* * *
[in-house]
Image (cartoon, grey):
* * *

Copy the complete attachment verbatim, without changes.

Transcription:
[in-house]
Image (cartoon, grey):